• Then add in the garlic, sliced leaves, and masala and heat just until the leaves begin to wilt. Remove from heat and add salt and pepper to taste.


Malhotra, A. (2016). The toxic truth about vegetable oil: Cooking with ‘healthy’ fats increases the risk of disease, type 2 diabetes and cancer. Retrieved from http://www.dailymail.co.uk/health/article-3574810/The-toxic-truth-vegetable-oil-Cooking-healthy-fats-increases-risk-heart-disease-type-2-diabetes-cancer.html?utm_sq=fjjqojxgyn.

Peng, C.Y., Lan, C.H., Lin, P.C., and Kuo, Y.C. (2017). Effects of cooking method, cooking oil, and food type on aldehyde emissions in cooking oil fumes. Journal of Hazardous Materials, 324(Pt B), 160-167. doi: 10.1016/j.jhazmat.2016.10.045.

Pitchford, P. (2002). Healing with Whole Foods: Asian Traditions and Modern Nutrition (3rd ed.). Berkeley, CA: North Atlantic Books.

Uribarri, J., Woodruff, S., Goodman, S., Cai, W., Chen, X.,…and Vlassara, H. (2010). Advanced glycation end products in food and a practical guide to their reduction in the diet. Journal of the American Dietetic Association, 110(6), 911-16.e12. doi: 10.1016/j.jada.2010.03.018.



tempeh tikka masala

tempeh tikka masala




Do you remember when I talked about my shame/pride of buying my tofu in bulk or that I was actually in the anti-tofu and soy foods camp for a whole lot of years? Well…let me tell you about the first time I bought tempeh, the fermented soy product that I now love and enjoy often.

At some point in mid-college I purchased a package of this wonky, brown and slightly moldy-looking fermented tempeh at my co-op since it was different and not meat. I was still eating meat regularly then but was also very veg/health foods curious. I took the tempeh home, cut it up and used it in something…and I thought it was gross. I didn’t try it again for a good number of years until after Deborah Madison in The New Vegetarian Cooking For Everyone convinced me it was actually quite good for me and not a “fake meat.” And following her cooking suggestions, I tried again and found I enjoyed it a whole lot!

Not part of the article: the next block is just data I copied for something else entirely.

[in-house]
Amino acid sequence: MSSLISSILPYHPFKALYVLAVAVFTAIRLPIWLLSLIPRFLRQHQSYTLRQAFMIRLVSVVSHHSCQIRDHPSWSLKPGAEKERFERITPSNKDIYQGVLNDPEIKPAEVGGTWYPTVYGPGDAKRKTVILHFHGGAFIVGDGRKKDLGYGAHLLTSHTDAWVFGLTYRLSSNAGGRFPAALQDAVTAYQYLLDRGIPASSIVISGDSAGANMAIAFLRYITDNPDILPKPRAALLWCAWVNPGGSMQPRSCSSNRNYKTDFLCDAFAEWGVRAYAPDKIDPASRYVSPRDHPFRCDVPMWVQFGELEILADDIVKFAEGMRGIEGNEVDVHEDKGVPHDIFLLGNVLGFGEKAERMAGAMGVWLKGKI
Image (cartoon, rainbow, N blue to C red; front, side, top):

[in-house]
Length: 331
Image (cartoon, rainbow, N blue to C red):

One of the reasons tempeh is good for us is because it is fermented and it helps to inoculate our gut with good microbes. If you haven’t heard me gushing about the microbiome in past posts, well…you probably haven’t also spent an hour or two in my presence because I’m pretty sure the topic makes its way into everyday conversation on the regular. The two big reasons I’m pretty darn fascinated with the topic is that much of our immune system is housed in the gastrointestinal tract, thanks to the plethora of microbes that make their homes there AND about 90 percent of serotonin, one of the feel-good neurotransmitters responsible for regulating mood, relaxation, sleep, and even appetite, is also made and housed in the gut. I’ve struggled with immune dysfunction for a number of years, thanks largely to food sensitivities and compromised gut health, and also with anxiety in various forms for much of my life.

This month, The Recipe Redux challenged us to share a recipe that promotes gut health, and good timing too, because cold and flu season is upon us, as are the dark, damp, and cold days of late fall and winter when moods tend to take a nosedive.


Before I do, I want to share three important things you can do to enhance your internal microbial community, and thus immune health (and likely mood too!)

The first is eating more fiber. The good bacteria that promote health need fiber, which they digest into short-chain fatty acids (SCFAs) like butyrate and propionate. SCFAs are not otherwise available in the diet, and they’re responsible for a whole host of disease preventative effects, one of which is combatting inflammation. The more fiber we consume, the more diverse our microbial life (a good thing), the more short chain fatty acids that are produced, and the more health tends to improve. Fiber in foods comes in the form of fruits and vegetables, whole, unprocessed grains, beans and legumes, and nuts and seeds. If you have trouble digesting fiber-rich foods, it likely means you just need a little time to increase them in your diet gradually, as the good bacteria that digest them will grow prolifically if only given their preferred foods, and this can happen in a matter of just a few days!